Gilead is a novel about Reverend John Ames, second generation pastor, who writes to his son near the end of his life in 1956.
Ames keeps his in a box in the attic. One day he figures out that he’s filled 67,600 pages with his sermons, the equivalent of 225 books. Here are some of his thoughts on his sermons, spread over some 50 pages of the novel:
I think every day about going through those old sermons of mine to see if there are one or two I might want you to read sometime, but there are so many, and I’m afraid, first of all, that most of them might seem foolish or dull to me.
There is not a word in any of those sermons I didn’t mean when I wrote it. If I had the time, I could read my way through fifty years of my innermost life. What a terrible thought.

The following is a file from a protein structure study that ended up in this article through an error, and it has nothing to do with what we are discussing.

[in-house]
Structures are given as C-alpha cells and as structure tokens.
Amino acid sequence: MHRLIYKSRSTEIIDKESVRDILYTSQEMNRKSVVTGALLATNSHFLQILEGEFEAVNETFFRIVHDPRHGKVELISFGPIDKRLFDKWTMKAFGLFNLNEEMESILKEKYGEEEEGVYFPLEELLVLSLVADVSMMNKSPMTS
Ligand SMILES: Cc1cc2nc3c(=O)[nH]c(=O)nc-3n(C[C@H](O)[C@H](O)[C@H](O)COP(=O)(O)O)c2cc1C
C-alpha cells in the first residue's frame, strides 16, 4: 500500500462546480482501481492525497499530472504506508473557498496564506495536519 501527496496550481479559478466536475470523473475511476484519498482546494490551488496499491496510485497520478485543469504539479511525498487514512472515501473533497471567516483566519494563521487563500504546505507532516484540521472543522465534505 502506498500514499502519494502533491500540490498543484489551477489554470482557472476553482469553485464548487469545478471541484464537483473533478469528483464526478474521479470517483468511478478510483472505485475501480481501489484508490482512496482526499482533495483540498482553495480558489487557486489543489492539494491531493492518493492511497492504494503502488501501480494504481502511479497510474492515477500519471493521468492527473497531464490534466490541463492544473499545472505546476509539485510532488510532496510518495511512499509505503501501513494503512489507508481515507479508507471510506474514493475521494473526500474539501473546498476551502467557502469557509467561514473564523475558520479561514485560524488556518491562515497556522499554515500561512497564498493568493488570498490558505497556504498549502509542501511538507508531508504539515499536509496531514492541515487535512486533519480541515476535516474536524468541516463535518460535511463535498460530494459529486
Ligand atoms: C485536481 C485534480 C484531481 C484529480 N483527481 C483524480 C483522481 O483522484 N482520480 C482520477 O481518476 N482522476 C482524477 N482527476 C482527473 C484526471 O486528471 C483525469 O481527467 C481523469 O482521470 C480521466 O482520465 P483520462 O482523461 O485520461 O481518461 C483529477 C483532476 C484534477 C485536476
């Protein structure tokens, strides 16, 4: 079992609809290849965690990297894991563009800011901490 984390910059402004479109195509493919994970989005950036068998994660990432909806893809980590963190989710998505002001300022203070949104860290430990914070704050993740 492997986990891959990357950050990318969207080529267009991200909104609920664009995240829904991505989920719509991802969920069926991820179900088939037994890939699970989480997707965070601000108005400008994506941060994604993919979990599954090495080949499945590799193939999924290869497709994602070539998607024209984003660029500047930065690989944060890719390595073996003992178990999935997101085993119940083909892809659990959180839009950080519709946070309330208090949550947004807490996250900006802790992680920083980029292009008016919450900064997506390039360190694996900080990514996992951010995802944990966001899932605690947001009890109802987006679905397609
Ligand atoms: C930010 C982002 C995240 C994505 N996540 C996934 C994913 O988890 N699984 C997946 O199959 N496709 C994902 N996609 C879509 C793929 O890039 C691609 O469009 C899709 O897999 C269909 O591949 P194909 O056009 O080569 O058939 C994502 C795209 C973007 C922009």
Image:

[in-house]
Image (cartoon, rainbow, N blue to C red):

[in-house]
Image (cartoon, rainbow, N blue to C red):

I had a dream once that I was preaching to Jesus Himself, saying any foolish thing I could think of, and He was sitting there in His white, white robe looking patient and sad and amazed. That’s what it felt like.
Well, perhaps I can get a box of them down here somehow and do a little sorting. It would put my mind at ease to feel I was leaving a better impression. So often I have known, right here in the pulpit, even as I read these words, how far they fell short of any hopes I had for them. And they were the major work of my life, from a certain point of view. I have to wonder how I have lived with that.
Sermons are, according to Ames, “one side of a passionate conversation.” Very true. And I suspect that most preachers can relate to at least some of what Ames says about his sermons.